Like it or not, collaboration and file-sharing services like Dropbox have become embedded in corporate IT.
What started as personal technology has increasingly become the alternative to everything from moving files using USB to sharing docs via email or an internal wiki.
But we live in an age of hackers and hacking, spies and plods, and regulatory compliance – meaning what's currently yours might end up property of another actor.
What to do?
A number of applications have popped up offering file encryption for client and cloud. Applications in this category often work with Dropbox, Microsoft's Onedrive and Google Drive. They include, but aren't limited to: Cryptomator, Boxcryptor, Viivo and Sookasa.
Sookasa is a more enterprise-focused and arguably one of the more popular offerings for business. Sookasa works with a number of file transfer mechanisms beyond the Dropbox-alikes, including Slack, Zendesk and Salesforce among the public cloud applications for which it provides a layer of encryption. Sookasa’s offerings allow organizations to audit usage of cloud services within an organization, scan files within services under management and encrypt files added to those services.
Another option is Canadian Dropbox alternative Sync.com. The service is designed so that Sync (the company) couldn't crack open your Sync account and root around inside, even if they wanted to. It has used zero knowledge encryption as the basis for its cloud storage platform.
Key management of public key infrastructure (PKI) is an option for privacy, but key management servers (KMSes) are notoriously miserable to set up and maintain. This has led to the growing popularity of key management as a service (KMaaS).
Some of the frustrations with KMSes is deserved, and some isn't. The undeserved portion comes largely from Microsoft. Microsoft has an enterprise licensing management system they call KMS, and the early versions of it were pretty buggy. A lot of sysadmins have bad memories.
The deserved frustration comes from PGP. You'll note that PGP encryption of email isn't exactly popular. This isn't because it's difficult to encrypt an email, it's because key management – keeping everyone's keys sorted, verifying keys are still current, belong to the right individual or application, etc – is difficult to organize. It's impossible to do without involving both trust and adherence to some form of standards at some point, limiting the real-world uses of large-scale key management.
In one sense, the entire SSL certificate authority mechanism is key management. SSL certificates are tied to a certification authority that vouches for their authenticity to varying degrees. Applications such as web browsers and components within operating systems have lists of certification authorities they trust.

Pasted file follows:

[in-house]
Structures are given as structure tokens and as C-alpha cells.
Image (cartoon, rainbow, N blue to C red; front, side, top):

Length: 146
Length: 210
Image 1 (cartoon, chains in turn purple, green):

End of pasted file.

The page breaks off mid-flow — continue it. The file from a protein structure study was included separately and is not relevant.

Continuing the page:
Key management on a global scale is hard, but it's easier within the scope of a single organization. If you stand up a KMS whose purpose is to store, track and make available encryption keys for your own internal-use applications, it is easier to secure access such that you can trust the KMS and its keys. Linux administrators are probably familiar with a basic example in the form of KeyBox, which manages SSH keys.
Open Source has few true KMSes. Hashicorp Vault and Barbican (Openstack security API) are probably the two best-known options. Major cloud providers offer their own KMS, for example Amazon KMS or Azure Key vault.
Proprietary KMSes include IBM's Key Lifecycle Manager (formerly Tivoli Key Lifecycle Manager), Thales keyAuthority and Vormetric's Data Security Manager. Vormetric in particular has caught my eye as an example of the sort of interesting things that can be done to secure data both on-premises and off.
Beyond making KMS software easy to use, the key to securing data in the cloud is making encryption transparent, both to the end user and the administrator. End-user focused encryption technologies like Sookasa see little resistance in day-to-day use because the users don't notice them.
Systems administrators aren't all that different. By jacking into a central KMS and running invisibly on top of the file system using an OS agent, Vormetric's aptly named Transparent Encryption is a great example of encryption that works transparently to the application administrator or developer. This is how encryption for workloads needs to be done both on-premises and in the cloud if it is to see any real adoption.
Regardless of what we're trying to secure, securing data in the cloud is all about ease of use. Key management has to not suck. More importantly, encryption configurations have to be invisible and something end users don't need to think about. Solutions that use role-based administration and centralized policies are the ones to look for. Official support for the individual applications (installed or SaaS-based) is, of course, also required.
It's early days yet for hybrid cloud data protection setups, but already multiple companies are making good headway on the ease-of-use side of things. Maybe the public cloud needn't be so scary after all. ®